So first things first and Anna was my first. It doesn’t feel right for me to tell you all about Millie without including my pregnancy with Anna. They say pregnancies are not related, but I think that your past definitely guides your future.
Being pregnant with Anna was really easy. I worked the entire time I was pregnant with her and it was my first year as a teacher, so I was working really long days, nights and weekends trying to keep pace like a seasoned pro. I wanted to be the best teacher I could be. Also, I had to make a good impression because I had just moved jobs to a new school district and technically my job was not protected under FMLA because I had not worked long enough to qualify. I really needed to be able to go back to my teaching job after maternity leave.
Somewhere towards the end of the first trimester and beginning of the second trimester my doctor sent us to a perinatologist for a more detailed ultrasound to check for things like spina bifida, down syndrome, etc. During this ultra sound the doctor discovered that there was only a single artery umbilical cord (it’s supposed to have two). Okay, so I googled it and like most things it could be nothing, something, or fetal death. So ignorance is truly bliss. I decided that the Lord would not have allowed us to get pregnant so easily if he was not going to make it right. We kept going to this doctor once a month to do an ultrasound to check on her growth. Each time we went we saw this as an opportunity to see our baby more and every time she was growing on track. Having all these extra ultrasounds put my first time mom anxieties to ease and saved us money because we didn’t need to pay out of pocket for those fancy 3D ultrasounds.
Everything continued to go smoothly and she kept growing as she should. Spring break rolls around and my due date is approaching. My house is a mess because I haven’t had a chance to breathe with first year teacher mode, baby skills classes at the hospital, and birthing classes in the evenings. I was one tired mother! For spring break week my plan was to see my doctors one last time before meeting baby girl, cleaning, packing my hospital bag, and waiting for labor to start.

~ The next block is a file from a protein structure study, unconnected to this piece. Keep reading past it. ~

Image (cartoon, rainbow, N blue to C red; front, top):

Well on Monday late afternoon we met with the perinatologist to see how everything was one last time. The doctor predicted that baby girl gained 3 pounds in the last 3 weeks, putting her estimated weight at 9.1 to 9.5 pounds. This concerned her so she took a closer look and said the baby had some built up fluid in the abdomen and her abdomen measurement was off the charts. She warned that the baby needed to come out sooner than later and also there was concern for the baby not fitting, or getting stuck at the shoulders. Went to Dr. W the next day for our regular scheduled appointment and he said basically with the other doctor saying something could be wrong with the baby that he felt we needed to be medically induced. So we went home to pack a bag and headed back to the hospital by 8pm.
Once we arrived we started our plan for natural childbirth. After an extremely long labor (30 hours) and baby facing “sunny side up” #backlabor and fears of her getting stuck an epidural was requested/given and about two hours later Anna was born weighing 8 pounds 14 ounces. The pediatrician did an ultrasound on her belly to check for abnormalities that we needed to worry about, but she was perfect. Everything checked out!
After delivery I lost quite a bit of blood and probably could have used a blood transfusion, but the blood loss was just shy of what is required for transfusion. Later, we found out that blood work showed I was anemic due to low iron which probably was the cause of so much blood loss. After being home about a week, postpartum depression started settling in and I continued that battle for about 18 months. Apparently, low iron anemia can increase risk of postpartum depression issues.
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